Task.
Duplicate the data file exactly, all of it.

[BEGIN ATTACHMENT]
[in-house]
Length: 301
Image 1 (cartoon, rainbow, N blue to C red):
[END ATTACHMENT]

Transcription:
[in-house]
Length: 301
Image 1 (cartoon, rainbow, N blue to C red):